Taxation of Pensions Bill

Written evidence submitted by Mark Hattersley (TP 05)

1. I have been involved in Financial Services since 1979, during this time I have worked for UK trust based pension schemes in an administrative capacity, financial advisory and technical support. During my time as a UK based financial advisor I was registered with the FSA as a Pensions Specialist being a holder of the G60 qualification administered by the Chartered Insurance Institute. I am a Chartered Financial Planner, Certified Financial Planner (both here in the UK and in New Zealand); I also hold the designation of Fellow of the Institute of Financial Planning of which there are currently less than 100 in the UK. I am currently involved in the International Pensions market, specifically as a business development manager and technical officer focusing predominantly on Qualifying Recognised Overseas Pensions Scheme (QROPS) for a New Zealand domiciled Superannuation Scheme.

2. I wish to make a submission addressing just one issue that revolves around Statutory Instrument 884/2012, which imposed further requirements on schemes wishing to be regarded as an overseas pension scheme and hence a constituent in deciding if the scheme could be registered as a QROPS. This Statutory Instrument made amends to those originally laid out in SI206/2006. In particular I should like the committee to consider governing regulations on those schemes not administered by a provider operating within the European Union or established in a country with which the UK has a Double taxation Agreement (other than New Zealand), which required such schemes to utilise 70% of funds transferred to provide an ‘income for life’. ‘Income for life’ took its meaning from Finance Act 2004. Given the new found flexibilities envisaged from April 2015, I believe the ‘income for life’ requirement should now be dropped from any future taxation provisions and in particular with regards to the provisions regulating New Zealand Superannuation Schemes. As the committee may be aware, the UK and New Zealand have signed up to a particularly strong tax treaty; not only setting out the jurisdiction with taxation rights on taxable revenue and income arising but also calling upon each country to collect any unpaid taxes from its residents on behalf of the other country and to remit those funds to the originating country.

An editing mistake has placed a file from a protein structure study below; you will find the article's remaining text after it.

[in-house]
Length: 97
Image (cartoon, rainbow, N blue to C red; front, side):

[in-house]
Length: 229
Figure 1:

3. The provisions included in SI 884/2012 was an attempt by HMRC to accommodate the fact that New Zealand’s taxation system for Superannuation and KiwiSaver schemes (the two types of retirement focused savings vehicles in New Zealand) is T/T/E. (The Guidance Notes attaching to the Taxation of Pensions Bill reflects upon the UK system of taxation in Guidance Note 5). Following the passing of S!884/2012 members of such schemes could no longer access all funds upon retirement. The provisions under review now allow individuals access to all savings subject to tax being accounted for on the ‘income’ element of each payment.

4. As a consequence of point 3 above, I believe it appropriate for the retention of the requirement that 70% of funds transferred should be identified as providing income, in order to ensure that the member accounts for an appropriate amount of tax on the ‘income element of each payment received from a QROPS scheme in the country the member is tax resident and receives the benefits.

5. I do not believe such changes, if included within regulations, will result in abuse or outcomes not in line with current government thinking or indeed result in any noticeable loss in UK tax revenues, given that according to HMRCs December 2013 update the UK has the largest number of tax treaties in the world numbering, at that time, some 120 such agreements. Completion and submission of the requisite form attaching to Help Sheet 304 would ordinarily exempt such payments fro a UK Pension arrangement from UK taxation at source.





November 2014

Prepared 18th November 2014